Because I’m not talking about staying in the closet miserable and afraid by any means, I think every who wants to come out should be able to in a safe and loving environment. I also think someone should give me a billion dollars. Not only does not everyone exist in a scenario where they are able to come out but some people don’t feel the need to, some just don’t care about making an announcement to anyone. I’m saying that this is a much more complex and minefield laden issue than a simple “Hey, come on out, the water is fine.” and that whatever decision someone may make on the spectrum of ‘out’ to ‘in’ their choice is a valid one and one that should be respected.

Really it all amounts to the fact that we should be praising Quinto and others for supporting GLBT issues however they identify. This focus on “Well are they or aren’t they?!? And if they are they should be out!” makes it seem as if the only reason they could ever be invested in the politics is if they had a personal stake in it which is surely not the impression that should be given out.  And I think that with his activism and voice Quinto is (as the columnist above stated of GLBT out actors) doing his “part to make things better for those who come after us” whatever his sexual orientation may be.

Manifesto! 5/5 – Not The Marrying Kind – Statements…The End

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I think there’s humor in the hypocrisy of a movement that fights for marriage equality while lauding a film like “Brokeback Mountain” as romantic when the core basis of the film is an extra-marital affair. But it seems being on the down’low is acceptable as long as those engaging in it are white and only betraying women. Although the theme of pretending to be something you’re not fits in quite well with the homogenizing view of the large GLBTQ organizations.

Manifesto! 4/5 – Not The Marrying Kind: Statements…(cont.2)

Previously – Not The Marrying Kind: Statements…(cont.)

I believe that the fierceness and power of the movement has been bled out by the constant focus on marriage equality as the only issue of importance perpetuated by large, wealthy, privileged groups such as GLAAD and the HRC who are looking out for themselves as opposed to the community as a whole.

Manifesto! 3/5 – Not The Marrying Kind: Statements…(cont.)

Previously – Not The Marrying Kind: Statements…

I don’t understand how fighting tooth and claw for inclusion in such a problematic power structure such as marriage is a fight for everyone’s equality. A marginalized group fighting for a bigger piece of the pie rather than the eradication of the system has never led to liberation.

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Manifesto! 2/5 – Not The Marrying Kind: Statements…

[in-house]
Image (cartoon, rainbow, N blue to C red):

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I understand that marriage is a prison, has a historical basis in silencing women and trading them like pieces of chattel and that a mere fifty years of “change” or transgressive reinterpretations can in no way wipe out a history of oppression and inequality stretching back centuries.

Manifesto! 1/5 – Not The Marrying Kind: Introduction

So both my readings last week went exceptionally well. I got a bunch of compliments on my prose piece and am going to submit it somewhere this week and despite my fear the Manifesto reading went swimmingly. The audience got what I was saying and was whooping and hollering in agreement. In fact after the reading I had a few people come up to me and ask if they could find it online or if it was posted anywhere. I had been on the fence about putting it up online simply because it is pretty radical and the blogosphere is a very different environment than the very radical space I was in for the reading. I’m not up for some of the comments I’ll inevitably get but having folks ask me if they could find it online made me realize that if no one sees or hears a manifesto what is the freaking point?!

So my Manifesto, Not The Marrying Kind will be going up in five parts this week. I’m breaking it up, not to make more posts out of it (or at least not just because of that) but because it’s the way I wrote it – in a series of chunks - and I like the idea of it being experienced in that way. In fact at the reading since we had interruptions from the audience they got it broken into sections as well and I think it worked very well, allowing folks to take in the previous points before moving on. Keep in mind that this is an early iteration of the work and it may grow, shrink, shift during any future re-writes however the core of it will not alter.

Not The Marrying Kind: Intro